Saving Custom Export Settings

Saving Custom Export Settings

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Hello! My name is Liz Staley and I’m a long-time user of Clip Studio Paint (I started using the program back when it was known as Manga Studio 4!). I was a beta-tester on the Manga Studio 5 program and for Clip Studio Paint, and I have written three books and several video courses about the program. Many of you probably know my name from those books, in fact. I write weekly posts on and on CSP Tips, so be sure to come back every week to learn more Clip Studio Tips and Tricks from me!

In this article we will cover the following topics:

Understanding Export Settings

Adding a Watermark

Saving Custom Export Settings

Let’s save our drawings to share with the world!

Understanding Export Settings

First, let’s take a look at the Export settings window and talk about each option so we understand what they all do. In this article I will be creating and saving export settings for sharing an image online. You may need to adjust your settings depending on what you are exporting for, such as making images to send to a printer.

I’ll begin by clicking on File - Export (single layer) - JPG. JPG files are a standard for sharing online because they have compression, which make the image file size smaller so they are easier to upload to websites. This also means that you won’t be sharing your work at large resolution, which makes it harder for unscrupulous people to steal!

The export settings window looks a bit intimidating at first, but we’ll break it down and explain what you need to know for each option. 

Checking the box next to “Preview rendering result on output” will allow you to see a preview of how your exported image will look before it is saved. I like having this option on so I can check the size and the quality of the image before committing to it.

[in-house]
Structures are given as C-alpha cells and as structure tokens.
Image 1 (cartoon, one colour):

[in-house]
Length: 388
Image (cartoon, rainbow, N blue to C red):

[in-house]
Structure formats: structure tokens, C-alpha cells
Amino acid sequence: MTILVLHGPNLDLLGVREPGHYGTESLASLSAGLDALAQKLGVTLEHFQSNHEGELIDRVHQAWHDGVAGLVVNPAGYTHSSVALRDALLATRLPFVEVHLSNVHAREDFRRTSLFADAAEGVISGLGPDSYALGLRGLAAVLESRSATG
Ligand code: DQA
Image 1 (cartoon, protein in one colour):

Under the JPEG settings there are a bunch of checkboxes that allow you to control whether or not a special type of layer gets exported as well. For example, if there are text layers present but we wanted to export a version with no text, we can uncheck the “Text” option while exporting and any text will be excluded from the exported image. If you have layers set to Draft that are visible, checking or unchecking the Draft option will control whether that layer is included in the export. 

If you are using a canvas with borders, crop marks, story information, or folio information, you can choose whether to export them or not by checking on unchecking the appropriate option. 

If you have Clip Studio Paint EX and are exporting from a multi-page document, you can change the export range in the dropdown menu. Since I am working from a single illustration, this option is grayed out. 

Now let’s look at the Color category of options. There are quite a few options in the Expression color dropdown. Usually the “Auto detect appropriate color depth” option is perfectly fine. This option looks at your file and determines what color expression the layers are set at, then automatically exports based on those parameters. 

The other options can be used to change the color expression of the image upon export. All the examples below are exports of one image that was created in RGB color, the only thing changed is the option in the Expression color dropdown in the Export settings.


If you’re not sure of the difference between CMYK and RGB color, you can find more information in this previous article from me!

The next category of options is the Output size, which allows us to change the size of the exported image in one of three ways. The first option is a percentage scale from the original data. If set to 100% then the export size will be the same size as the original canvas, but you can make the canvas proportionally smaller or larger by entering a smaller or larger number here. 

Using Specify output size allows us to put in exact dimensions of the final image that we want. The dropdown on the right allows us to change the type of measurement to everything from centimeters to pixels. Typing a new number into either the width or height box will then change the other dimension accordingly. 

Specify resolution can also be used if you want to export at a specific resolution. Images for the internet are 72dpi. It is never advisable to upload an image above 72dpi to the internet because this resolution is too low to create a nice print from so it deters most art thieves. However, if you are exporting for print you may want to set this to at least 300dpi.